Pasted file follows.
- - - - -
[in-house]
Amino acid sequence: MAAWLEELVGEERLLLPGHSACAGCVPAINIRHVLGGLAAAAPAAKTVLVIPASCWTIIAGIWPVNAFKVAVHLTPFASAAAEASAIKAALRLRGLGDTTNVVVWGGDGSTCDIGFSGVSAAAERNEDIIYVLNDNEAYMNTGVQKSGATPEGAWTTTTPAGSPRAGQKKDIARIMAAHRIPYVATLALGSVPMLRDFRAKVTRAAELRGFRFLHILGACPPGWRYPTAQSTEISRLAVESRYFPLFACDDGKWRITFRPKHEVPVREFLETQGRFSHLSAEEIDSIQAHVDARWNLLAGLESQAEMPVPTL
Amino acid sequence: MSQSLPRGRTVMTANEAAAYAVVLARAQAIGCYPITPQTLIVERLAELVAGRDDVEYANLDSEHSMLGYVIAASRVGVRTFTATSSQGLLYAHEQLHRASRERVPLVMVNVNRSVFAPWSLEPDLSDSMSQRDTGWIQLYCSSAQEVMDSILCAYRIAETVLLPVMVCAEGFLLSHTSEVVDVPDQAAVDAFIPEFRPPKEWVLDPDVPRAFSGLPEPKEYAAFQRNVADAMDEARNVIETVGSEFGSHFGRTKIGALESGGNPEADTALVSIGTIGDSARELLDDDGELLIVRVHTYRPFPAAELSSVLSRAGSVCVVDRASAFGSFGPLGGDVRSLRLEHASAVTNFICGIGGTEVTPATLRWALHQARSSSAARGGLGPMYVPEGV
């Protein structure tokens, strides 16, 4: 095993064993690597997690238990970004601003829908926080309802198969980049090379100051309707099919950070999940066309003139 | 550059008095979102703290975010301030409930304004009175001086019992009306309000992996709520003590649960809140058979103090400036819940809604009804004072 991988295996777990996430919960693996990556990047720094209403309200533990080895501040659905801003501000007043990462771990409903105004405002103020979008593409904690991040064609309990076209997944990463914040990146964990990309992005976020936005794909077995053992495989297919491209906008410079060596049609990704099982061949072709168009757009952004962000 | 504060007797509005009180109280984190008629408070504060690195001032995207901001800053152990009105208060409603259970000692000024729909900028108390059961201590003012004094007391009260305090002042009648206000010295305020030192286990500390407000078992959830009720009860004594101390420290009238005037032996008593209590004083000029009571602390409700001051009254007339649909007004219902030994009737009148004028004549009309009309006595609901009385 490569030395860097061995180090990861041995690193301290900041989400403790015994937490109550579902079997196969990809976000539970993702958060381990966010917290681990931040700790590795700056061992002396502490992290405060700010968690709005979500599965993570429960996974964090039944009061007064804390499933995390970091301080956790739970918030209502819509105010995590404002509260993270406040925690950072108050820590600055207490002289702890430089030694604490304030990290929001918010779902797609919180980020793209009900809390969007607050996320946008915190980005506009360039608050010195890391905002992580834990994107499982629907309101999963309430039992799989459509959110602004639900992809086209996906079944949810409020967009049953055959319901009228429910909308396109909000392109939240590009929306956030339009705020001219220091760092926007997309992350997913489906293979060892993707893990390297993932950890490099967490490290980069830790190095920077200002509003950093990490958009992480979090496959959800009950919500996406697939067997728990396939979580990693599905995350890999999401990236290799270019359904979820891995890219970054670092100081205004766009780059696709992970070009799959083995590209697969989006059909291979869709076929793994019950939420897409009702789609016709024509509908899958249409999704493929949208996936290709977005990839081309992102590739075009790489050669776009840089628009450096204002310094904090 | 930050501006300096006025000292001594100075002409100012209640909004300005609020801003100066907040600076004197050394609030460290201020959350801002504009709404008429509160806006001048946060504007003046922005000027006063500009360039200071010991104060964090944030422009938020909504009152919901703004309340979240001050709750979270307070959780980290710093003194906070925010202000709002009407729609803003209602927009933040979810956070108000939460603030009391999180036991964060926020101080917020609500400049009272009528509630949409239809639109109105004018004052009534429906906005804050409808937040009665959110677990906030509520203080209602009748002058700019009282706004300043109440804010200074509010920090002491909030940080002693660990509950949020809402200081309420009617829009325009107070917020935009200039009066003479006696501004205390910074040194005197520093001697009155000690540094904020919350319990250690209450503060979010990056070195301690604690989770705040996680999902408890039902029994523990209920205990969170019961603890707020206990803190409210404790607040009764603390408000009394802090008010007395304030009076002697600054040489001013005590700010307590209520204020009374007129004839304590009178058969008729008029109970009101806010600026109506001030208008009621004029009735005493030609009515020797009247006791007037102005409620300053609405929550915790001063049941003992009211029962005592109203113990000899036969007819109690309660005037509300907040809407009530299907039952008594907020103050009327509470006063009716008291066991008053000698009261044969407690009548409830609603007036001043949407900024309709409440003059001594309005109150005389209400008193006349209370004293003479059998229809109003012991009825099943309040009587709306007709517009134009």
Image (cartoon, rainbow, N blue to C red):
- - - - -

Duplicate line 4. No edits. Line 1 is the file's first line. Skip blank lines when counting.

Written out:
């Protein structure tokens, strides 16, 4: 095993064993690597997690238990970004601003829908926080309802198969980049090379100051309707099919950070999940066309003139 | 550059008095979102703290975010301030409930304004009175001086019992009306309000992996709520003590649960809140058979103090400036819940809604009804004072 991988295996777990996430919960693996990556990047720094209403309200533990080895501040659905801003501000007043990462771990409903105004405002103020979008593409904690991040064609309990076209997944990463914040990146964990990309992005976020936005794909077995053992495989297919491209906008410079060596049609990704099982061949072709168009757009952004962000 | 504060007797509005009180109280984190008629408070504060690195001032995207901001800053152990009105208060409603259970000692000024729909900028108390059961201590003012004094007391009260305090002042009648206000010295305020030192286990500390407000078992959830009720009860004594101390420290009238005037032996008593209590004083000029009571602390409700001051009254007339649909007004219902030994009737009148004028004549009309009309006595609901009385 490569030395860097061995180090990861041995690193301290900041989400403790015994937490109550579902079997196969990809976000539970993702958060381990966010917290681990931040700790590795700056061992002396502490992290405060700010968690709005979500599965993570429960996974964090039944009061007064804390499933995390970091301080956790739970918030209502819509105010995590404002509260993270406040925690950072108050820590600055207490002289702890430089030694604490304030990290929001918010779902797609919180980020793209009900809390969007607050996320946008915190980005506009360039608050010195890391905002992580834990994107499982629907309101999963309430039992799989459509959110602004639900992809086209996906079944949810409020967009049953055959319901009228429910909308396109909000392109939240590009929306956030339009705020001219220091760092926007997309992350997913489906293979060892993707893990390297993932950890490099967490490290980069830790190095920077200002509003950093990490958009992480979090496959959800009950919500996406697939067997728990396939979580990693599905995350890999999401990236290799270019359904979820891995890219970054670092100081205004766009780059696709992970070009799959083995590209697969989006059909291979869709076929793994019950939420897409009702789609016709024509509908899958249409999704493929949208996936290709977005990839081309992102590739075009790489050669776009840089628009450096204002310094904090 | 930050501006300096006025000292001594100075002409100012209640909004300005609020801003100066907040600076004197050394609030460290201020959350801002504009709404008429509160806006001048946060504007003046922005000027006063500009360039200071010991104060964090944030422009938020909504009152919901703004309340979240001050709750979270307070959780980290710093003194906070925010202000709002009407729609803003209602927009933040979810956070108000939460603030009391999180036991964060926020101080917020609500400049009272009528509630949409239809639109109105004018004052009534429906906005804050409808937040009665959110677990906030509520203080209602009748002058700019009282706004300043109440804010200074509010920090002491909030940080002693660990509950949020809402200081309420009617829009325009107070917020935009200039009066003479006696501004205390910074040194005197520093001697009155000690540094904020919350319990250690209450503060979010990056070195301690604690989770705040996680999902408890039902029994523990209920205990969170019961603890707020206990803190409210404790607040009764603390408000009394802090008010007395304030009076002697600054040489001013005590700010307590209520204020009374007129004839304590009178058969008729008029109970009101806010600026109506001030208008009621004029009735005493030609009515020797009247006791007037102005409620300053609405929550915790001063049941003992009211029962005592109203113990000899036969007819109690309660005037509300907040809407009530299907039952008594907020103050009327509470006063009716008291066991008053000698009261044969407690009548409830609603007036001043949407900024309709409440003059001594309005109150005389209400008193006349209370004293003479059998229809109003012991009825099943309040009587709306007709517009134009």